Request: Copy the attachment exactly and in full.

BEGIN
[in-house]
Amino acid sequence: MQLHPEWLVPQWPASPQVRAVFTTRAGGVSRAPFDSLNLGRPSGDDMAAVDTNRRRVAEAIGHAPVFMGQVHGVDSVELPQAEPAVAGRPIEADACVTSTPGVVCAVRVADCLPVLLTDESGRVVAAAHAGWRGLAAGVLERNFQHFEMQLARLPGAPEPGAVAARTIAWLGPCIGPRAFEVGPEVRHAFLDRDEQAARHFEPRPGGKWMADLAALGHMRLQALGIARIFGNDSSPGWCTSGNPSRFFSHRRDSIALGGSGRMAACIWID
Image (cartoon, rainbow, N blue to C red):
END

[in-house]
Amino acid sequence: MQLHPEWLVPQWPASPQVRAVFTTRAGGVSRAPFDSLNLGRPSGDDMAAVDTNRRRVAEAIGHAPVFMGQVHGVDSVELPQAEPAVAGRPIEADACVTSTPGVVCAVRVADCLPVLLTDESGRVVAAAHAGWRGLAAGVLERNFQHFEMQLARLPGAPEPGAVAARTIAWLGPCIGPRAFEVGPEVRHAFLDRDEQAARHFEPRPGGKWMADLAALGHMRLQALGIARIFGNDSSPGWCTSGNPSRFFSHRRDSIALGGSGRMAACIWID
Image (cartoon, rainbow, N blue to C red):